Why not involve a little fun human contact?
Why not play?
Tinker with ways to connect with either yourself or the people you care about in the morning that doesn’t involve an internet connection.
When you’re old and grey, you won’t be thinking about your to-do list. But rather all the things you wish you had done with your family and friends and that includes all those mornings you choose to think about work.
4. Arguing with your boss in the shower
I asked my wife why she made the 10-minute walk to the bus stop across town each morning when there are is stop 2-minutes away from our house and her response stopped me cold — “Getting some air and moving my body helps me to silence the imaginary arguments I have with my boss in my head in the morning.”
If you too are like my wife and me and at times find yourself having fights with Nancy from Accounts Payable shortly after waking up, focus on finding just one release to take the power away from these voices.
Maybe it involves asking your partner to watch the kids for 5 minutes in the morning so you can simply sit in silence.
Maybe it’s doing something to get your body moving like my wife.
Or maybe it’s taking a 10-minute bath instead of a shower or taking a few minutes to write down your fears in a journal.
It can be extremely liberating to cruise back over your entries that evening to see that many of the things you worried about only existed in your head.
5. Watching the news
The whole point of the mornings is to get yourself in the right mindset to face the day with a smile on your face.
After all, productivity grows when positive energy flows.
The news, not only right now, but 99 percent of the time is the opposite of positive.
This doesn’t mean you should block yourself off entirely from what is happening in the world. Quite the contrary. You can’t change the world if you don’t know what is happening in it.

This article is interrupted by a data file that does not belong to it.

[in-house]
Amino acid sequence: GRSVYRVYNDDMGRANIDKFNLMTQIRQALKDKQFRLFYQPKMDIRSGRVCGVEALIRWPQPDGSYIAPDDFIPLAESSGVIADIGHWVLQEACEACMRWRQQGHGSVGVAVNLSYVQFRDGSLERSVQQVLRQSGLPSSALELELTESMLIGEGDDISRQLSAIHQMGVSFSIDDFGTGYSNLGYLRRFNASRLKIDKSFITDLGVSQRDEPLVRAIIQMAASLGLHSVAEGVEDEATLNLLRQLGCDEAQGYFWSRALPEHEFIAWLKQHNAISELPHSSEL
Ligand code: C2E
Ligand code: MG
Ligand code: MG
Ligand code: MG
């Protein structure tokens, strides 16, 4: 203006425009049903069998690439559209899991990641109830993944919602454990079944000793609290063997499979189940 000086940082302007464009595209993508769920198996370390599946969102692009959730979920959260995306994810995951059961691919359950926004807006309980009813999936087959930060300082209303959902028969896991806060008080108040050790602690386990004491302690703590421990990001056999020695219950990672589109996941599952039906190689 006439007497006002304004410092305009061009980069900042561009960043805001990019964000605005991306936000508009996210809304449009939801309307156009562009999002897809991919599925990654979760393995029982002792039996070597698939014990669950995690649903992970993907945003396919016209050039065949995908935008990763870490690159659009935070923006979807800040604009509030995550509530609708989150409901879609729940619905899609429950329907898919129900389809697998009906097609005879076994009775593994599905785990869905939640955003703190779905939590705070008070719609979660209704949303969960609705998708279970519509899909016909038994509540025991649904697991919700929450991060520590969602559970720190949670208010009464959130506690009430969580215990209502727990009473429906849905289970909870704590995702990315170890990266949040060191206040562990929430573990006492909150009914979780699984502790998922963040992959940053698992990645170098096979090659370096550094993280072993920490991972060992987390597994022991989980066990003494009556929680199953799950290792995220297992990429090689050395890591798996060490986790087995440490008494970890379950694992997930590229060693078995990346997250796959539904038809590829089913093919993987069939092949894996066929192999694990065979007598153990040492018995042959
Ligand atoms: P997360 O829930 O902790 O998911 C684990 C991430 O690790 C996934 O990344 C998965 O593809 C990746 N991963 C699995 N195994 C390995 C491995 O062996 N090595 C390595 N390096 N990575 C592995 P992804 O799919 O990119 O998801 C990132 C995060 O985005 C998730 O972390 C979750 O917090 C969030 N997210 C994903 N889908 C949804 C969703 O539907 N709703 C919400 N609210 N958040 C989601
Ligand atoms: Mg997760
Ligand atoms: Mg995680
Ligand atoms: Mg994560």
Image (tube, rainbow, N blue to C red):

But you can be more conscious of when you decide to consume it. For me, catching up on world events is a good source of inspiration for the gym or when I want to write and need to get some emotions flowing.
One of the fastest ways to not feel like shit in the morning is by making the choice to not step in it.
Focus on what lights you up. If you can’t break your need for technology, listen to some music.
Few things have brought more joy into my life than when my kids come up the stairs in the morning and say, “Hey Google, can you play, ‘I’m Sexy and I Know It,’ please?
It serves as a reminder that it’s just as much fun to dance when the sun is coming up as it is when it’s going down.
So there you have it, 5 things you shouldn’t do in the morning to help you kick your day off with a smile.
My guess is you’ve heard these things before.
But like my dad always says, “Sometimes reminders are more effective than wasting your time looking for new ingredients.”
This article originally appeared on Medium.
Michael Thompson is a career coach who works with business professionals to open more doors and receive greater satisfaction from their work. His career and communication advice can be found in places like Business Insider and Fast Company. He writes to meet people so feel free to say hi here.